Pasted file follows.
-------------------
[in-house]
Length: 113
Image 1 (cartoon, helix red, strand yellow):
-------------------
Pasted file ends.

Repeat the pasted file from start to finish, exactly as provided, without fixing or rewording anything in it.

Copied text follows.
[in-house]
Length: 113
Image 1 (cartoon, helix red, strand yellow):